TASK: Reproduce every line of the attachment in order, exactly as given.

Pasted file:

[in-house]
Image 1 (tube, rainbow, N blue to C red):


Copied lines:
[in-house]
Image 1 (tube, rainbow, N blue to C red):